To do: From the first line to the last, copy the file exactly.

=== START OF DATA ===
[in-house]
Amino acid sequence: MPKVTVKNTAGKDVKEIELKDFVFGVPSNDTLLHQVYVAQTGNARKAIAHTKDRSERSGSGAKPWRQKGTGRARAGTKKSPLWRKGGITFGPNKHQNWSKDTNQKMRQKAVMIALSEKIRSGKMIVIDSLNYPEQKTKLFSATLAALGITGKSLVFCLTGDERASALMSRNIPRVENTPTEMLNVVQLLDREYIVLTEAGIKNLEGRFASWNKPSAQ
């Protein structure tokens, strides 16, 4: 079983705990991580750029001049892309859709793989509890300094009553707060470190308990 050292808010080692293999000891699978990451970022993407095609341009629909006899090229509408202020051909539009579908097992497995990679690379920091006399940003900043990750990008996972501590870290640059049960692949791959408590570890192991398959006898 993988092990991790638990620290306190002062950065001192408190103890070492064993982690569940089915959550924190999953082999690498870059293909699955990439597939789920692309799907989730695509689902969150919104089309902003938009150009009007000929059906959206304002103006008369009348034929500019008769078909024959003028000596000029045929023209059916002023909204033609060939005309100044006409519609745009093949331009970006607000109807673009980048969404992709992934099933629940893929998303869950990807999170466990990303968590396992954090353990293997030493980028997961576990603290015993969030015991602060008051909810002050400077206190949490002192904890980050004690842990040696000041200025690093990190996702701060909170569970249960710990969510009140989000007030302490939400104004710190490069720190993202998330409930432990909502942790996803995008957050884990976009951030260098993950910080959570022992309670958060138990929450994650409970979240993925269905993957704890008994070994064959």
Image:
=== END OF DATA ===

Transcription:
[in-house]
Amino acid sequence: MPKVTVKNTAGKDVKEIELKDFVFGVPSNDTLLHQVYVAQTGNARKAIAHTKDRSERSGSGAKPWRQKGTGRARAGTKKSPLWRKGGITFGPNKHQNWSKDTNQKMRQKAVMIALSEKIRSGKMIVIDSLNYPEQKTKLFSATLAALGITGKSLVFCLTGDERASALMSRNIPRVENTPTEMLNVVQLLDREYIVLTEAGIKNLEGRFASWNKPSAQ
């Protein structure tokens, strides 16, 4: 079983705990991580750029001049892309859709793989509890300094009553707060470190308990 050292808010080692293999000891699978990451970022993407095609341009629909006899090229509408202020051909539009579908097992497995990679690379920091006399940003900043990750990008996972501590870290640059049960692949791959408590570890192991398959006898 993988092990991790638990620290306190002062950065001192408190103890070492064993982690569940089915959550924190999953082999690498870059293909699955990439597939789920692309799907989730695509689902969150919104089309902003938009150009009007000929059906959206304002103006008369009348034929500019008769078909024959003028000596000029045929023209059916002023909204033609060939005309100044006409519609745009093949331009970006607000109807673009980048969404992709992934099933629940893929998303869950990807999170466990990303968590396992954090353990293997030493980028997961576990603290015993969030015991602060008051909810002050400077206190949490002192904890980050004690842990040696000041200025690093990190996702701060909170569970249960710990969510009140989000007030302490939400104004710190490069720190993202998330409930432990909502942790996803995008957050884990976009951030260098993950910080959570022992309670958060138990929450994650409970979240993925269905993957704890008994070994064959």
Image: